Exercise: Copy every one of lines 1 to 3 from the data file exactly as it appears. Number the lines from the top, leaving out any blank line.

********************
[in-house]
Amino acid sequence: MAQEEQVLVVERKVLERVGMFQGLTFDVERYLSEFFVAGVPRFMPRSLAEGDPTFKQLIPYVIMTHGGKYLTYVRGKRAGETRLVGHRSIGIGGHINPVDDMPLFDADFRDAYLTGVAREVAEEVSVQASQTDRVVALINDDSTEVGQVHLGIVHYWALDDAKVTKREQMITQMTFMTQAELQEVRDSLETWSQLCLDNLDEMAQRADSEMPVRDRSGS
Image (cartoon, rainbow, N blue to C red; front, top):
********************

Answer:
[in-house]
Amino acid sequence: MAQEEQVLVVERKVLERVGMFQGLTFDVERYLSEFFVAGVPRFMPRSLAEGDPTFKQLIPYVIMTHGGKYLTYVRGKRAGETRLVGHRSIGIGGHINPVDDMPLFDADFRDAYLTGVAREVAEEVSVQASQTDRVVALINDDSTEVGQVHLGIVHYWALDDAKVTKREQMITQMTFMTQAELQEVRDSLETWSQLCLDNLDEMAQRADSEMPVRDRSGS
Image (cartoon, rainbow, N blue to C red; front, top):